A Closer Look At The 2020 Central Track Music Honors’ Best Experimental Act Nominees, Who Are Charting New Frontiers In Dallas Music.
With voting now open (and running through February 16!) in our second annual Central Track Music Honors, we wanted to again acknowledge that we understand how approaching our ballot of 53 separate categories can feel like a bit of a task for those who aren’t able to watch the scene as closely as we are. To that end, we’ve decided to dedicate some space on our site during this open voting period to breaking down some of our categories’ nominees a little more deeply. This post aims to do just that. Don’t like what you see and hear? That’s cool, too! You can also write in your own top honors choices for each category. The important thing, we think, is that you just pay a little mind to some of the amazing art that’s being created in this town — and that you express your appreciation for those talents with your votes. You might even discover a new favorite act of yours! And if so, you should vote for them! You can do that — but only once per 24 hours — right here. Now, it’s time for the breakdown!
Who needs restrictive genres, anyway?
For this year’s Central Track Music Honors, we have categories dedicated to nearly every corner of the Dallas music scene, from pop and R&B to hardcore and even noise acts. However, even some of the brightest talents in the DFW don’t fit so cozily into one single category.
Instead of attempting to shoehorn these artists into labels they don’t truly fit within, we’ve decided to include them under our Best Experimental Act category. Each of the artists we’ve nominated throw sonic conventions to the wind, drawing from a variety of influences to create unique art.
Although you might be able to pick out certain elements of their sound as belonging to a specific genre or scene, the bigger picture is a far more complicated statement of self. Besides, artists creating their own boundaries is something to celebrate, not forcibly reduce.
All of these acts are hard to define and even harder to choose which to vote for every 24 hours, so to make both tasks a little easier, here’s a quick look at each of this year’s Best Experimental Act nominees.
Helium Queens broadcast psychedelic pop dispatches from some distant, funkier galaxy. Each member of the band — including Poppy Xander, one of our nominees for Best Pianist this year — serves as an earthling vessel through which their extra-terrestrial alter-ego performs. Needless to say, this group is both high-concept and high-energy, so keep your ears peeled for its forthcoming record, Helium Queens: A Space Opera, later this year.
Along with this nomination, the art-pop auteur earned a nod in the Best Cover Art category for her debut album, Lightbender. On what she described to us as “a version of myself that was at peace and that could navigate the world with more ease,” Lorelei portrays a journey of self-actualization, inspired by her own experiences as a trans woman, through majestic and ethereal soundscapes. Glitchy beats, lush strings, and soaring vocals intertwine in a project that ignores both musical and societal conventions.
Brian Eno and Godspeed You! Black Emperor walk into a Deep Ellum bar on a dreary, overcast day. Triangulum is what walks out. This local ambient project provides meditative music for times that demand less speaking and more thinking. Droning guitar feedback laps at the surface of grayscale synth pads, with occasional vocals and vibraphone letting allowing for light to peak in. With the releases of two out a three-part EP in 2019, the band blessed us with its first music since the release of its 2017 self-titled album. Now we wait patiently and hope the final segment in the Thoughts and Prayers trilogy is released soon.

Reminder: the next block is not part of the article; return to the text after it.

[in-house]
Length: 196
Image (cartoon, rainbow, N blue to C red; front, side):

In an era when lo-fi beatmakers water down their production for the sake of anodyne “chill vibes,” Dallas producer Black Taffy keeps his compositions defiantly strange. His 2019 Elder Mantis record is inspired by sources as disparate as the occult, harp music and chopped & screwed hip-hop. Black Taffy, also known as Donovan Jones, conjures up mysterious and murky beats that work equally well whether serving as background music or active listening.
This avant-pop collective clinched two nominations for this year’s Music Honors, including Best Cover Art for the queer body-positivity anthem “Still a Baby.” Starfruit released its debut LP, Wild West Combat, on January 24, but the band’s thrilling take on glam, prog, and punk already has us eagerly awaiting a follow-up. If the band’s stellar record-release show at the Texas Theatre was any hint, their set at our Central Track Music Honors showcase at the Granada Theater on February 19 is sure to be out of this world.
If you’re a fan of fuzzy, modern psychedelia like King Gizzard & The Lizard Wizard or Dallas’ own Mind Spiders, this band is speaking your language and letting it roll off the tongue. These Denton lads mutate the garage-rock playbook via woozy distortion pedals and room-filling reverb. Mother Tongues’ most recent single, “Microwaved Bubblegum,” recalls both the manic energy of ‘60s hippiedom and the ear-splitting feedback of shoegaze titans My Bloody Valentine. Hearing damage never sounded so sweet.
The first EP from this gothic-electronica act was named Existential Lofi Trash — while those first two words are certainly apt, we kindly disagree with the “Trash” part. Formed from the ashes of garage-rock band Sir Name & The Janes, Idol Pleasure interrogates “alienation, classism, and existential quandary,” with the help of haunted-house synths and eerie monotone vocals. The sputtering and wheezing of drum machines sound like a broken-down machine on its last legs, but hopefully Idol Pleasure itself has much more to come.